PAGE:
The movement that recaptured Pacifica from those now known as the “hijackers” – even on the left, history is written by the winners – put in place an elaborate procedure by which, at each of the five stations owned by the foundation, members elect half of their 24 local board members two out of every three years. And that’s just the beginning. After 60 people (12 from each station) are selected through a form of proportion voting, the local boards hold their own “delegate” elections to send four people each to the national board. The whole process – from verification of voter lists to candidate nominations and the campaign season itself – takes nine months, requires election supervisors, costs more than $200,000, and produces a national Board where the youngest member is usually at least 40 years old and most directors are heading toward retirement. It also invariably leads to charges of “fair campaign” violations, vote tampering, and staff hostility to the process.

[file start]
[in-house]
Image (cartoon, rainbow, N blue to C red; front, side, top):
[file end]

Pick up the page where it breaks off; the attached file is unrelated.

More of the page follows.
Over the next hour, various directors fired questions about my management style, relevant experience, knowledge of Pacifica, and ability to handle problems in a contentious political environment. At one point someone asked whether I’d ever been fired. Well, yes, I admitted, and recounted the time I was banned from a weekly newspaper I’d edited for more than four years for recommending that the staff might improve their working conditions by circulating a petition. The story connected, not surprising since much of Pacifica’s recent history revolves around incidents of arbitrary dismissal.